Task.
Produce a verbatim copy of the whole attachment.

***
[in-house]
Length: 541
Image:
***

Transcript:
[in-house]
Length: 541
Image: